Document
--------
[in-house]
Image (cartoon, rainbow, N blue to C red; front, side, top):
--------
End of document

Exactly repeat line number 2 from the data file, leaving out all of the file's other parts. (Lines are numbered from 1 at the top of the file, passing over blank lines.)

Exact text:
Image (cartoon, rainbow, N blue to C red; front, side, top):